Showtime's "Episodes," the bitingly funny, Emmy-nominated showbiz comedy from "Friends" creator David Crane and his partner, Jeffrey Klarik, didn't skimp on laughs in season one with its saga of two married English writers (Stephen Mangan, Tamsin Greig) who came to Hollywood to adapt their award-winning Britcom for American television, only to see it grotesquely overhauled as a vehicle for an ego-driven star (Matt LeBlanc, playing a satirical version of himself).
But something interesting has happened as the sitcom starts its second season on Sunday, July 1. The belly laughs are still there, to be sure, but the characters, their relationships and the performances by the cast have grown much deeper and more subtle. If season one was an exceptional piece of work, this new batch of episodes takes things to a whole new level.
Returns 9:30 p.m. Sunday, July 1, on Showtime
First, though, a brief review, for those who didn't see the first season -- and apparently, there were a lot of you. Sean and Beverly Lincoln (Mangan and Greig) felt wholly at sea as they tried to adjust to life in Hollywood, where their charming little comedy series about an avuncular British schoolmaster and his young charges morphed hideously into a sexed-up series called "Pucks," built around a randy high-school hockey coach (LeBlanc, who won a Golden Globe Award for his performance). As the season unfolded, Sean became seduced by the Tinseltown lifestyle, growing infatuated with a Hollywood starlet. Beverly, meanwhile, miserable and insecure, succumbed to a one-night stand with Matt, leaving Sean devastated.
"The start of season two is a very interesting paradigm shift, a role reversal, from the beginning of season one, when Sean really wanted to be in L.A., and Beverly really didn't want to be there," Greig says. "Season two opens four months after where season one ended, and Sean really doesn't want to be there, but Beverly realizes the only way she is going to have access to Sean is to stay in Hollywood and write this show that they are contractually obliged to work on. It's a very interesting place to find them in."
The situation forces the spouses, now living apart, to see each other every day and work with the man who is a constant reminder of Beverly's infidelity, a premise rich in both comedy and pathos.
"I think Matt understands what he did, but he's not the kind of guy who dwells on that," LeBlanc says. "He dwells on what he wants, not what he's done, and what he wants, ironically, is the same thing Beverly wants: to get back into Sean's good graces. The irony in season two is that Matt and Beverly are on the same side of the argument. They're allies now."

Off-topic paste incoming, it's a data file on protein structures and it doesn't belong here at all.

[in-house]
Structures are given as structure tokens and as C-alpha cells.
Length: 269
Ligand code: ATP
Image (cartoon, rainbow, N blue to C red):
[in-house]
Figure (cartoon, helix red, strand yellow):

Meanwhile, "Pucks," which was in the pilot stage in season one, finally makes its TV premiere, where it almost immediately craters in the ratings, torpedoed by a talking dog comedy on another network. While network liaison Carol Rance (the amazing Catherine Rose Perkins) tries to put a happy face on the situation, her boss (and secret lover), vulgar network head Merc Lapidus (John Pankow), doesn't hesitate to start interfering, ordering Beverly and Sean to downplay Matt in favor of his demographic-friendly teen co-stars, thus triggering Matt's deep-seated insecurities.
"I understand that David and Jeffrey write from experience, and these characters are out there, unbelievable as that may seem to me," Greig says. "I mean, when I first read the scripts for season one, I thought, 'Well, this is really funny, but I don't know how this will work, because this can't be real.' But the more I speak to David and Jeffrey and Matt and other people who have worked in the business out there, they say, 'Well, no, it's frighteningly close to the bone.'"
The stress of watching his starring role whittled away sends Matt on an eating binge that results in some unflattering paparazzi photos of "Matt LeBlob," as he is christened by the tabloids. Been there, done that, LeBlanc says.
"Oh, yeah, they've gotten on me a couple of times when I have avoided the gym," he says, laughing. "In fact, in 'Episodes,' that shot of me eating cheesecake and looking on the computer was an actual shot that was in the tabloids a couple of years ago."
Greig, for her part, says this new season only makes her realize more acutely how much pressure Beverly and Sean are under on both the personal and professional fronts.
"I'm just coming to understand what a tough world this is for the characters that Steven and I are playing," she says. "I trust that David and Jeffrey are writing a real journey for us, and this 'child' that Sean and Beverly have created is taken out of their hands and brought up by really unstable nannies who alter the behavior and the character of their child to such degree that that child becomes unrecognizable to them. That must be painful and heartbreaking."
Season two ends with all the characters facing some big changes in their network world, but there's also some sense of closure as well, just in case. LeBlanc says conversations are under way about a possible season three, however.
"I think there's plenty of places to go," he says. "It's totally believable these characters would keep running into each other. As long as David and Jeffrey are involved (in a third season), I will be, too. If they decide they've had enough, that'll be it for me, too."